A “nonstress test” is so named because no particular stress is placed on the fetus by performing such a test. Whether the mother feels stressed by it depends on her anxiety level. A nonstress test involves attaching a belt with fetal heart rate and uterine contraction monitors around the mother's abdomen. The heart rate is recorded for approximately 20-30 minutes, during which time the mother indicates whether she feels any fetal movements. This test has been performed in literally millions of women, and fetal heart rate patterns associated with normal outcomes in the baby have been identified. These patterns include: heart rate in the normal range (approximately 110 to 160 beats per minute), presence of occasional brief increases or accelerations in fetal heart rate (generally associated with fetal movements), and a lack of pronounced drops (decelerations) in fetal heart rate. These findings constitute what is called a “reactive” nonstress test, as opposed to a “nonreactive” nonstress test that would be characterized primarily by a lack of fetal heart rate accelerations.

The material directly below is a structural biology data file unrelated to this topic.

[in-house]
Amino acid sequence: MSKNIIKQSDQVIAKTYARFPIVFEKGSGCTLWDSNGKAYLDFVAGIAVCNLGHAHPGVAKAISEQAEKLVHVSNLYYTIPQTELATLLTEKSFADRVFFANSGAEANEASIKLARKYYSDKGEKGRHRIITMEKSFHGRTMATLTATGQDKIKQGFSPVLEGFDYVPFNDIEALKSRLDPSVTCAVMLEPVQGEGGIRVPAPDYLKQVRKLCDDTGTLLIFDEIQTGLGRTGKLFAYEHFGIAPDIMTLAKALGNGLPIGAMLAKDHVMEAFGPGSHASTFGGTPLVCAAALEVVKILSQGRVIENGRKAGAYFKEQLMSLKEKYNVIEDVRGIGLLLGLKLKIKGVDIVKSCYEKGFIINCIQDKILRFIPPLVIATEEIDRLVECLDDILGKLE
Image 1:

The idea behind a nonstress test is that proper amounts of oxygen are required for the brain to send signals that will be transmitted via nerves to the heart, signals to which the heart will respond appropriately. When oxygen levels are low, the brain, nerves, and/or heart may not respond normally, and the resulting fetal heart rate patterns will not be reactive. It is important to note that many other factors besides lack of oxygen may cause a so called “nonreactive” pattern: fetal sleep cycles, certain maternal prescription or non-prescription drugs, and prematurity are among the most common of these.
A reactive nonstress test is a good predictor of adequate fetal oxygenation, and most reactive fetuses do well for at least another week. A nonreactive nonstress test requires further assessment to determine whether nonreactivity truly is due to decreased oxygen, or whether it may be due to one of the previously mentioned causes.